As inflation soars to record highs, retirement savings are feeling the pinch, making it even more important to make sure yours is working for you.
U.S. inflation rose 8.5% annually in March to hit a fresh 40-year high as the war in Ukraine pushed up energy costs, the latest consumer price index showed Tuesday. It was followed Wednesday by a spike in the producer price index, which increased 11.2% year-on-year to hit a 12-year-high.
U.K. consumer prices meanwhile rose at their fastest clip in 30 years in March, surging 7% over the year, the Office for National Statistics reported Wednesday.
The latest data adds to an already bleak inflationary picture, with prices outpacing wage growth in many advanced economies.
That can have a major impact on pensions as savers and retirees attempt to maintain their spending power amid the worst cost-of-living crisis in decades, and pension funds work harder to keep pace with inflation.
“The blistering inflation rate we have been seeing for a year now will ravage both those living on a pension, and the pension fund itself,” Dan North, senior economist at Allianz Trade North America, told CNBC.
Pensions feeling the pinch
Among those hardest hit by rising inflation will be retirees themselves, especially those with lower or fixed incomes, whose money has to go further to pay for non-discretionary items, such as food and energy.
“Where it will hurt people more are those who have retired and don’t have a defined annuity,” David Knox, a senior partner at Mercer Australia, said. An annuity is a financial product commonly used by retirees which provides guaranteed lifetime income.
Even state pensions, which typically make annual adjustments, known as “cost-of-living-adjustments” (COLAs), to account for rising inflation, are struggling to keep pace in many cases.
“The typical pension system gives a 1-2% COLA each year. We’re seeing costs go up by that each month,” Chris Janeway, founder at financial advisory firm Fourth Point Wealth, said. “For those who’ve retired on a fixed income, it’s a massive burden to watch their food and travel costs rise so significantly.”
Meanwhile, savers still in their working lives may be tempted to reduce or stop their pension contributions, or even dip into their pension funds to cover near-term costs. But financial advisors cautioned against such moves wherever possible.
How to protect your money as a worker
If you’re pre-retirement, experts advise continuing to sock away any money you don’t need for easy-to-access cash into pensions and investments. That will give it the best chance of beating off the effects of inflation over time.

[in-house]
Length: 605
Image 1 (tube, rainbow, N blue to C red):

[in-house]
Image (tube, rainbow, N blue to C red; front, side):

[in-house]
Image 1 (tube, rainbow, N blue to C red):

“For younger workers who have time to see their wages and salaries catch up to inflation, and who, following conventional wisdom, may have significant exposure to the equity markets” — for instance via a 401(k) — “the impacts of inflation are painful for the moment, but in most cases unlikely to be devastating in the long run,” said Luke Bailey, senior counsel at U.S. law firm Clark Hill.
Indeed, now could be a good time to increase your retirement savings by putting additional funds in a private pension or alternative investments.
“While it is extremely important to take advantage of company matching contributions to a pension fund, individuals may want to consider investing funds above and beyond that in a self-directed retirement account, along with other investments such as real estate,” Julie Gillespie, head of market research at financial analysis firm TipRanks, said.
The earlier you are in your working career, the more risk you may consider taking in your investments to get the greatest rate of return over the long-term. As you reach the later stages of your working journey, however, you may wish to reduce that risk level to prepare for withdrawal.
How to protect your money as a pensioner
If you’re already in retirement, there are a number of tools you can consider to better manage your pension, including converting to an annuity or purchasing financial products specifically designed to beat inflation. That could include Treasury Inflation-Protected Securities (TIPs) in the U.S.
“Investing in TIPs is a defensive move and will not win back dollars already lost to inflation, but now might be a good time to get some exposure to them to protect from the ravages of future inflation in a relatively low-risk way,” said Bailey.
Pensioners may also consider moving their money out of the bank, where cash savings are being depleted even as interest rates are steadily increased, and into alternative short-and-medium-term investments.
“There is a lesson to be learned there for retirees that if you want to withdraw your money in the next few years, don’t put it all in the bank. Look for a broader range of investments,” said Knox.
That could include investing in broad funds or picking select stocks that may do well in a stagflationary environment. Stagflation refers to an environment of slow economic growth paired with rising inflation.
“Defensive stocks in sectors that will do best if the economy moves into stagflationary territory include ironically utilities, but also healthcare and consumer staples,” Ed Monk, an associate director for personal investing at Fidelity International, said.
“The energy sector is another place to look, with companies such as Shell and BP benefiting from increasing energy prices,” he added.
More immediately, however, it may be wise to cut back on any non-essential spending and employ money saving techniques, such as weekly budget checks, until markets become more stable.
“Families, and particularly seniors, need to start thinking critically about their budget during times like this. They likely planned on 3% inflation rates ahead of retirement and jumps to 8%+ drastically change that plan,” Janeway said.